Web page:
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Ruby Security

The Ruby programming language is large and complex and there are many security pitfalls often encountered by newcomers and experienced Rubyists alike.

This document aims to discuss many of these pitfalls and provide more secure alternatives where applicable.

Please check the full list of publicly known CVEs and how to correctly report a security vulnerability, at: Japanese version is here:

Security vulnerabilities should be reported via an email to (the PGP public key), which is a private mailing list. Reported problems will be published after fixes.


Ruby provides a mechanism to restrict what operations can be performed by Ruby code in the form of the $SAFE variable.

However, $SAFE does not provide a secure environment for executing untrusted code.

If you need to execute untrusted code, you should use an operating system level sandboxing mechanism. On Linux, ptrace or LXC can be used to sandbox potentially malicious code. Other similar mechanisms exist on every major operating system.


Ruby's Marshal module provides methods for serializing and deserializing Ruby object trees to and from a binary data format.

Never use Marshal.load to deserialize untrusted or user supplied data. Because Marshal can deserialize to almost any Ruby object and has full control over instance variables, it is possible to craft a malicious payload that executes code shortly after deserialization.

If you need to deserialize untrusted data, you should use JSON as it is only capable of returning 'primitive' types such as strings, arrays, hashes, numbers and nil. If you need to deserialize other classes, you should handle this manually. Never deserialize to a user specified class.


YAML is a popular human readable data serialization format used by many Ruby programs for configuration and database persistence of Ruby object trees.

Similar to Marshal, it is able to deserialize into arbitrary Ruby classes. For example, the following YAML data will create an ERB object when deserialized:

src: puts `uname`

Because of this, many of the security considerations applying to Marshal are also applicable to YAML. Do not use YAML to deserialize untrusted data.


Symbols are often seen as syntax sugar for simple strings, but they play a much more crucial role. The MRI Ruby implementation uses Symbols internally for method, variable and constant names. The reason for this is that symbols are simply integers with names attached to them, so they are faster to look up in hashtables.

Starting in version 2.2, most symbols can be garbage collected; these are called mortal symbols. Most symbols you create (e.g. by calling to_sym) are mortal.

Immortal symbols on the other hand will never be garbage collected. They are created when modifying code:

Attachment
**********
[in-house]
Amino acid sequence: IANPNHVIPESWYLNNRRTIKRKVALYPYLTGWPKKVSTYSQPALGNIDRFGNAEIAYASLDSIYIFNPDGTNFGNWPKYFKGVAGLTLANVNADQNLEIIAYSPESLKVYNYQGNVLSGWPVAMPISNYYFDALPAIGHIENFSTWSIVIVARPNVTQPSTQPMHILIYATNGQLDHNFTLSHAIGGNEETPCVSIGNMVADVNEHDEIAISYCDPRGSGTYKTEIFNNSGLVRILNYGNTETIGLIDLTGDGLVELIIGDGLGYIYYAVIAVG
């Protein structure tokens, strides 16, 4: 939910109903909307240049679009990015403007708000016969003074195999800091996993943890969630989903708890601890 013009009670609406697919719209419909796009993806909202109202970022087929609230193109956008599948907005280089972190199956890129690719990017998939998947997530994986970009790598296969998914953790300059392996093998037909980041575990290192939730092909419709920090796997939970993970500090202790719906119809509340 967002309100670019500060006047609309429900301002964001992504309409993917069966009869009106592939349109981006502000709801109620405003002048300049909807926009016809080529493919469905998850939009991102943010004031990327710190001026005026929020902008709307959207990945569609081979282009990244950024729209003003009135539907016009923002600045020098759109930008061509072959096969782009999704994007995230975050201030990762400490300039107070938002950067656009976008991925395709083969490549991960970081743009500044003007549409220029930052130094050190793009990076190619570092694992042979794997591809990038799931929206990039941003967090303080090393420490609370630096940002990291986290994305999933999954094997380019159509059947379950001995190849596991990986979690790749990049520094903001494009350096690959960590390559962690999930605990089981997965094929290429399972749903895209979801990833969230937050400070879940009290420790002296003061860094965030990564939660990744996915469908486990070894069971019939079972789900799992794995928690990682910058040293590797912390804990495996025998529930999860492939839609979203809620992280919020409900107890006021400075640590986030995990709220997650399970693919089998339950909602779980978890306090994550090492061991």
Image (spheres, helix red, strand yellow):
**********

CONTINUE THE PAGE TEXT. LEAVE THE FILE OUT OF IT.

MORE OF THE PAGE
C extensions that have not been updated and are still calling `SYM2ID` will create immortal symbols. Bugs in 2.2.0: send and +__send__+ also created immortal symbols, and calling methods with keyword arguments could also create some.

Don't create immortal symbols from user inputs. Otherwise, this would allow a user to mount a denial of service attack against your application by flooding it with unique strings, which will cause memory to grow indefinitely until the Ruby process is killed or causes the system to slow to a halt.

While it might not be a good idea to call these with user inputs, methods that used to be vulnerable such as to_sym, respond_to?, method, instance_variable_get, const_get, etc. are no longer a threat.

Regular expressions

Ruby's regular expression syntax has some minor differences when compared to other languages. In Ruby, the ^ and $ anchors do not refer to the beginning and end of the string, rather the beginning and end of a line.

This means that if you're using a regular expression like /^[a-z]+$/ to restrict a string to only letters, an attacker can bypass this check by passing a string containing a letter, then a newline, then any string of their choosing.

If you want to match the beginning and end of the entire string in Ruby, use the anchors \A and \z.


Never pass untrusted or user controlled input to eval.

Unless you are implementing a REPL like irb or pry, eval is almost certainly not what you want. Do not attempt to filter user input before passing it to eval - this approach is fraught with danger and will most likely open your application up to a serious remote code execution vulnerability.


'Global functions' in Ruby (puts, exit, etc.) are actually private instance methods on Object. This means it is possible to invoke these methods with send, even if the call to send has an explicit receiver.

For example, the following code snippet writes “Hello world” to the terminal:

1.send(:puts, "Hello world")

You should never call send with user supplied input as the first parameter. Doing so can introduce a denial of service vulnerability:

foo.send(params[:bar]) # params[:bar] is "exit!"

If an attacker can control the first two arguments to send, remote code execution is possible:

# params is { :a => "eval", :b => "...ruby code to be executed..." }
foo.send(params[:a], params[:b])

When dispatching a method call based on user input, carefully verify that the method name. If possible, check it against a whitelist of safe method names.

Note that the use of public_send is also dangerous, as send itself is public:

1.public_send("send", "eval", "...ruby code to be executed...")


As DRb allows remote clients to invoke arbitrary methods, it is not suitable to expose to untrusted clients.

When using DRb, try to avoid exposing it over the network if possible. If this isn't possible and you need to expose DRb to the world, you must configure an appropriate security policy with DRb::ACL.